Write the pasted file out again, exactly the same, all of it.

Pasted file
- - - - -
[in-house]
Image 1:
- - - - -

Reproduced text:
[in-house]
Image 1: